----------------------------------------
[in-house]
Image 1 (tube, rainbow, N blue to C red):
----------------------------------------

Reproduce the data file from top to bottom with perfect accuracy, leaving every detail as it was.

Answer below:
[in-house]
Image 1 (tube, rainbow, N blue to C red):